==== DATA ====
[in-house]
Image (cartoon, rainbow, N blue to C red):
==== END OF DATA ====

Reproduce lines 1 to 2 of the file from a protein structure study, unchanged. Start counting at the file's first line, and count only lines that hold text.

[in-house]
Image (cartoon, rainbow, N blue to C red):